Small Engine Care

Small Engine Equipment – Care & Maintenance Tips

Lawn Mowers, Leaf Blowers, Weed Whackers, Chainsaws, and more

Over the last 20 years or so the small engine lawn tool market has gone through big changes. One of the biggest changes is that small engines had to be redesigned to meet air quality standards and emission laws…just like your car. Probably more important, many had to be redesigned to perform using gasoline that includes ethanol.


In addition, there was widespread marketing to introduce many of these tools to the general public. Historically, only individuals specifically trained owned these types of tools. And while many new owners were happy to learn the proper way to care for and maintain their new purchases, others were happy to just get them started, get the job done, and put them away until next time. Even if next time, was next year!


If you don’t care for and maintain your gasoline powered tools properly, they are unlikely to work when you need them.

Very few of us take the time to follow the steps to ensure our power equipment will be in working order. And what does this mean? Well, come Spring, nothing starts properly, everyone gets a sore arm from pulling and pulling the start cord, frustration sets in, and worse, the job at hand does not get done in the expected time. During normal conditions this can be aggravating, but during emergency conditions, say a tree down over the driveway, it can be life threatening.

Do You:

  • Know whether your equipment runs on a 32:1, 40:1, or 50:1 oil gas mixture?
  • Take your gas can to the filling station to ensure you are putting exactly 1, 1-1/4, 2, or 2-1/2 gallons of gasoline in the fuel can?
  • Add fuel stabilizer in each can of oil/gas mixture?
  • Not use stale gas improperly wintered over from the year before?
  • Change spark plugs after the predetermined time required . . . or even know the correct size spark plug?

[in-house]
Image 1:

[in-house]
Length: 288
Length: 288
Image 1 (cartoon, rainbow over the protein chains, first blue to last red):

• Store the gas in a controlled environment or treat the fuel properly to store it in an unconditioned environment?
  • Follow the manufacturer’s recommendations for winterizing their equipment?

So what can you do to properly care for and maintain your power equipment?

  • Read the owner’s manual. Write down, where you can easily retrieve it when you are hot and sweaty and the bugs are bothering you, what oil/gas mixture and what size spark plug your equipment requires. Because, yes, the innocent guy at the hardware store is going to ask you that when you rush in the front door trying to get your equipment running properly.
  • Take the time to properly care for your gasoline and oil/gas mixture. So, add the necessary fuel treatments, and if wintering over any gasoline, add the required stabilizers. If possible, store the gasoline in a controlled environment. Also, take the extra few minutes to properly measure the gasoline you are adding to your oil to make your correct oil/gas mixture.
  • Properly winterize your equipment. Drain and properly store, or dispose, of any fuel remaining in your equipment. Run your equipment until it runs out of any remaining fuel. Change the oil so it is ready for the following season. Add a few drops of oil to the spark plug hole and install a new spark plug. And, store your equipment in a clean dry space.
  • If it has been a year or two, don’t hesitate to take your equipment to a local shop specializing in the care and maintenance of small engines and tools. A little “spiffing up” and “special care” will go a long way towards extending the life of your equipment. And, if you want your local shop owner to “love” you, take your equipment in to be serviced either at the end of the season or well before Spring. Everyone wanting everything fixed when Spring is in full swing can make for some difficult conversations!